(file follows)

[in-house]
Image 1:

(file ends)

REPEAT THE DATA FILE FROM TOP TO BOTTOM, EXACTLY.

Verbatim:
[in-house]
Image 1: